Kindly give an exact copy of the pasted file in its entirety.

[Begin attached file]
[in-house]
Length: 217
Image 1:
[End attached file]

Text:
[in-house]
Length: 217
Image 1: